Turkish Leader Visits Saudi Arabia to Mend Ties Marred by Khashoggi Killing

RIYADH, Saudi Arabia—Turkish President Recep Tayyip Erdogan arrived in Saudi Arabia on Thursday for a two-day visit, in an effort to ease tensions between the rival Middle Eastern powers whose relations soured after the 2018 murder of a prominent Saudi journalist in Istanbul.

The trip comes three weeks after a Turkish court halted the trial of Saudi security officials charged with killing and dismembering Jamal Khashoggi, a reversal for Mr. Erdogan. The Turkish president had excoriated the Saudi government for the killing, which he called the work of a “shadow state.” In the wake of Mr. Khashoggi’s killing, the Turkish government orchestrated a series of leaks to the local media that embarrassed and piled pressure on Crown Prince Mohammed bin Salman.

Turkey is also facing its own diplomatic troubles over a range of political disputes within the region. Mr. Erdogan is currently engaged in an effort to ease Ankara’s diplomatic isolation to restore his influence in the Middle East and help Turkey’s struggling economy, which is still reeling from a currency crisis that wiped as much as 45% off the value of the Turkish lira last year. He has acted to repair ties with former rivals Israel, Egypt and the United Arab Emirates as a part of a broad effort to secure foreign investment and rekindle relations within the region.

Mr. Erdogan arrived in the Red Sea port city of Jeddah where Saudi leaders are spending the final days of the holy month of Ramadan. He was received at the airport by Mecca governor Prince Khalid al Faisal, who is a senior adviser to the king. He later met Prince Mohammed, with the two men shaking hands in a photo tweeted by a royal court adviser.

The Turkish presidency said in a statement that Mr. Erdogan was visiting at the invitation of King Salman bin Abdulaziz, who has delegated responsibility for day-to-day affairs to his son, Prince Mohammed. The statement, which didn’t mention the crown prince, said the leaders would review all aspects of cooperation and exchange views on regional and international issues.

Before boarding his plane in Istanbul, Mr. Erdogan said he expected increased cooperation with Saudi Arabia in areas including health, energy, food security, agriculture, defense and finance.

“We state on every occasion that we attach as much importance to the stability and security of our brothers in the Gulf region as our own stability and security,” he told reporters.

Hatice Cengiz, the former fiancée of murdered Saudi journalist Jamal Khashoggi, after attending a trial in Istanbul earlier this month.


Middle Eastern diplomats say they are now talking to rivals they have previously shunned for years amid uncertainty over the Biden administration’s commitment to the region following the U.S.’s abrupt withdrawal from Afghanistan last summer and its sharpened focus on China.

The end of a rift last year between Qatar, a Turkish ally, and Gulf neighbors including Saudi Arabia accelerated a flurry of diplomacy that has reshaped the geopolitics of the Middle East. Those moves began in 2020 with normalization deals between Israel and several Arab states amid fear of a collapse in nuclear talks between world powers and Iran, another regional heavyweight. Mr. Erdogan last visited the kingdom in 2017 for talks aimed at resolving the Qatar dispute, which dragged on for more than three years over allegations, denied by Doha, that the government of the tiny Gulf nation supported terrorism.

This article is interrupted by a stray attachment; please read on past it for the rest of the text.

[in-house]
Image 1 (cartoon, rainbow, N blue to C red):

Turkish-Saudi tensions have historical precedents: In the 19th century, Turkey’s Ottoman forebears clashed with the ancestors of Saudi Arabia’s modern founder. More recently, Ankara has opposed Riyadh and its Arab allies in a struggle for influence within the Middle East, in part due to clashing visions of the region following the 2011 Arab Spring uprisings.

Mr. Erdogan and Prince Mohammed have been looking to meet for months. Qatari officials unsuccessfully tried to get the two men together in Doha last December, when they both passed through within a day of each other. A February trip was delayed as the two sides negotiated. Regional officials have said Prince Mohammed sought a promise that the Turkish leader would never mention Mr. Khashoggi’s death again and would prevail upon the Turkish media to stop dredging up the topic.

Human-rights groups have warned that the Turkish court’s decision to refer the Khashoggi case to authorities in Saudi Arabia, where a separate trial sentenced eight lower-level officials to prison over the killing but spared senior leaders, would end hopes of accountability in the case and stop key evidence from becoming public. Mr. Khashoggi’s remains have never been found.

A team of Saudi operatives killed Mr. Khashoggi inside Saudi Arabia’s consulate after he entered to secure documents for his coming wedding. A U.S. intelligence assessment released last year by President Biden determined that Prince Mohammed had ordered the operation that led to his death, which Riyadh denies.

Mr. Erdogan hopes that resetting Turkey’s foreign relations could boost his chances in an election scheduled for 2023 and help the country’s economy, analysts say. The recent rapprochement with the U.A.E. resulted in a promise of $10 billion in investments from Abu Dhabi and a $5 billion currency swap.

—Elvan Kivilcim contributed to this article.

Write to Stephen Kalin at stephen.kalin@wsj.com

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